B.C. insurers agree to end practice linked to rising condo insurance rates

Click to play video: 'B.C. government makes change to bring down cost of strata insurance'
B.C. government makes change to bring down cost of strata insurance
The B.C. government has made changes it hopes will bring down the skyrocketing price of strata insurance. Aaron McArthur reports. – Dec 1, 2020

B.C. insurers have agreed to end “best terms pricing,” a practice that has contributed to skyrocketing condo insurance rates by year’s end.

Best terms pricing developed when multiple insurers would each agree to submit their own bid to carry a portion of the total risk related to insuring a strata property — but the final premium paid by strata owners would usually be based on the highest of those bids, even if the majority of quotes were lower.

Click to play video: 'B.C. strata insurers to end ‘best terms pricing’'
B.C. strata insurers to end ‘best terms pricing’

The practice led to higher rates for as many as 94 per cent of strata properties, according to data collected by the B.C. Financial Services Authority.

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Click to play video: 'B.C. strata insurers to end ‘best terms pricing’'
B.C. strata insurers to end ‘best terms pricing’

B.C. Finance Minister Selina Robinson said rising strata insurance premiums have been a growing concern for many British Columbians and eliminating best terms pricing is a step towards a healthier insurance market.

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“This is a very complex issue with many factors contributing to rising premiums, and I look forward to receiving BCFSA’s final report and reviewing its findings so that we can continue to work towards viable solutions to this problem impacting many residents in British Columbia,” Robinson said in a statement.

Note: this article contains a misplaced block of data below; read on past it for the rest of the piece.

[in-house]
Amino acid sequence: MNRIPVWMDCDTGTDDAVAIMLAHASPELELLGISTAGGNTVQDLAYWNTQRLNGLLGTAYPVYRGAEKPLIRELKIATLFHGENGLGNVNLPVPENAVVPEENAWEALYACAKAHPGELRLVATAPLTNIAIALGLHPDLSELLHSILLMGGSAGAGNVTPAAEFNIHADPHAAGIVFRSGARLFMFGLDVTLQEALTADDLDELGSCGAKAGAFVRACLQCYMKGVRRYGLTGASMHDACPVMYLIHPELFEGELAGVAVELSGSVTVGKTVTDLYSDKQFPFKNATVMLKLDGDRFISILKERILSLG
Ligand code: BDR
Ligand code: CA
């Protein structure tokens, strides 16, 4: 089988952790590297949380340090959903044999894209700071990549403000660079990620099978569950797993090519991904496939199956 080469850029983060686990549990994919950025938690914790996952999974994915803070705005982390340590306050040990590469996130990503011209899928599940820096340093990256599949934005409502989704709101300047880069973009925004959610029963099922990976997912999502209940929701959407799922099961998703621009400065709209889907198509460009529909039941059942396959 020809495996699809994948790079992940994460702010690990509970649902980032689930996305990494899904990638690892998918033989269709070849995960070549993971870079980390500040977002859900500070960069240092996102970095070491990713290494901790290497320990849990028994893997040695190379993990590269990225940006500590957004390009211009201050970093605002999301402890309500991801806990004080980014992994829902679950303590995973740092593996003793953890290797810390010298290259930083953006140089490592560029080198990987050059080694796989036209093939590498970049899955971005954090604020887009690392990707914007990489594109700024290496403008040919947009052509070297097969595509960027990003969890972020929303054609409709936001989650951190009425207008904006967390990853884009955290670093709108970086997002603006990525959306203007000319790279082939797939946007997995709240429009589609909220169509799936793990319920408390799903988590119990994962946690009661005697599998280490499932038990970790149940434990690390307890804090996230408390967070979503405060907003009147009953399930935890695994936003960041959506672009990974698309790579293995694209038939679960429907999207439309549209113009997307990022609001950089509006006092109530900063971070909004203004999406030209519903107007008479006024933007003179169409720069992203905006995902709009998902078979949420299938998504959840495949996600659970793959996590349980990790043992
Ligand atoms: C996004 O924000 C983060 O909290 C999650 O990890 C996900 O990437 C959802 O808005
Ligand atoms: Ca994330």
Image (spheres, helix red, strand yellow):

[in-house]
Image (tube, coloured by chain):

Click to play video: 'Province announces changes to strata insurance'
Province announces changes to strata insurance

Back in September, the B.C. government unveiled regulatory changes that aimed to bring greater transparency to the province’s strata insurance market.

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As of Nov. 1, insurers or their agents need to give strata corporations 30-days notice of an intention to renew or materially change a policy.

“This change ensures strata corporations have advanced warning of cost increases and has time to seek other insurance options if desired,” said the Ministry of Finance in a media release.

Click to play video: 'Investigation finds strata insurance industry is ‘unhealthy’'
Investigation finds strata insurance industry is ‘unhealthy’

Insurance agents are also required to disclose their commissions, with penalties of up to $25,000 for individuals and $50,000 for companies that fail to do so.

The ministry also banned referral fees to strata property managers from insurance deals.

— With files from Simon Little and The Canadian Press


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